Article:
Despite these booming intellectual discussions across the region, perceptions of Latin America and Latinx populations in the United States often reproduce racial stereotypes under scrutiny in the region. The vision of brown-skinned homogeneity or prevalence more recently echoed by movies such as Coco (2017), Encanto (2021), and In the Heights (2021) imply colorism-derived ideologies of colorblindness, which each in their way advocate for a “the lighter the better” form of racism. Regarding In the Heights, Dominican Americans were crucial to the neighborhood that inspired the movie, but Black Dominicans were eclipsed by white Latinx characters. But if Hollywood reproduces idealized homogeneities, the Latinx community itself, due to the prevalence of a certain background within a given community, also does. One such homogeneity is language. Spanish is not the only language spoken in Latin America, nor the only language spoken by Latinx groups in the US, whose origins include as different places as Haiti and Bolivia. Besides the many indigenous languages still existent in the Latin American region that survived colonialism such as Quechua, Aymará, and Guarani, among many others, Latin Americans also speak other Romance languages such as Portuguese, French. There are also dozens of creole languages spoken in Latin America that sometimes incorporate non-Romance languages (Papiamento’s Dutch components, for example). Spanish is an important factor of identification among Latin Americans and Latinx peoples, bringing communities together, and encouraging associations that push for full citizenship rights. However, it is not necessarily language that bonds them.
Nor is race a homogenous source of identity. The self-reproducing mestizaje myth implies that Latinx people are all brown-skinned and cannot be Black, indigenous, or even white. Given the plurality of peoples who live in Latin America and the various identities of those who migrated to the US, one should expect to see a more diverse representation of us in this country. But this does not happen. Brazilians, Haitians, and other non-Spanish speakers often perceive “Latinx” as exclusionary and tied to a particular form of indigenous, white, and lighter-skinned mestizo identity that is foreign to them. Even Spanish-speaking migrants do not identify themselves with this term. Would a white Argentine living in glitzy Brickell, Miami, necessarily identify with a Guatemalan in Los Angeles? Would a Brazilian blue-collar worker in the Boston area identify with Orlando’s upper-class Brazilian diaspora? Does the Haitian American community identify with the term Latinx? Not necessarily, and often US citizens with those backgrounds will also cast votes differently in the ballot.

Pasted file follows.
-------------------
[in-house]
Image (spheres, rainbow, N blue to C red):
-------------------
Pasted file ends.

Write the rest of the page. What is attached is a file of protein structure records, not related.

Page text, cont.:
Latin America was a site of colonialism and post-independence struggles, which marginalized communities of color, who did not enjoy the privileges of whiter upper-classes. It is naive to think these dynamics would not reproduce within the United States, which also has its Anglo racial structures, and whose territories, in part, also once pertained to the “official” Latin America. But reporters on MSNBC still express a certain surprise when Latinx voters declare their Republican affiliation, as if all of them should be necessarily affiliated with the Democratic platform. The use of the dying term “Hispanic” further complicates identification. The root of that term lies in the Roman-era province of Hispania, which covered today’s Iberian peninsula, and which became differentiated from Lusitania, roughly located within the limits of Portugal (the Lusitani were indigenous peoples of Western Iberia). Non-Spanish-speaking Latinx, therefore, tend to dismiss the term, and this is a reason why in forms it often appears as “Latino or Hispanic.” However, it is still preferred by many Latinx and is used in official designations, even in nation-wide associations. As terms, Latin America and Latinx intersect in many ways, and both are complex, multi-layered, concepts. Celebrating the Latine and Hispanic Heritage Month at Georgetown should mean dealing and confronting these variations, and acknowledging that there is no singular latinidad. The Spanish term evokes a basket of commonalities that would bond Latinx and Latin American folks. But we are not homogeneous, even if we do share traits. I sympathize with the Global South struggles of my fellow Brazilian, Colombian, Argentinian, and Mexican friends. But I do not think that my Mexican American and Cuban American friends are always aware of the privileges inherent to holding a US passport. Yet, I am conscious of my own privileges as a lighter-skinned person whose identity shifts depending on circumstance, but which still flags me as an “outsider.” We should then think of latinidades, in the plural form. This way we can deal with contradictions, convergences, and divergences among Latinx and Latin Americans.
Image from “Celebrating Hispanic Heritage Month,” Skyline Education, https://www.skylineschools.com/celebrating-hispanic-heritage-month/
João Gabriel Rabello Sodré was born and raised in Rio de Janeiro, Brazil. He obtained a law degree (LL.B) from the Universidade Federal do Rio de Janeiro (UFRJ) in the second semester of 2011. As part of his legal training, he had two internships in the private sector, where he worked at a law firm and a multinational oil & gas company. In 2015, he became a civil servant at the Public Defender’s Office of the State of Rio de Janeiro, a body that provides free legal assistance to those in need. In 2017, he left his position in order to pursue a second MA degree in the United States. In 2019, he started the PhD program at Georgetown.